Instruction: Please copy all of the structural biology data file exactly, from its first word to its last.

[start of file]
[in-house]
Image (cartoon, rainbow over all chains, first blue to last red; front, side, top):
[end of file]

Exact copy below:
[in-house]
Image (cartoon, rainbow over all chains, first blue to last red; front, side, top):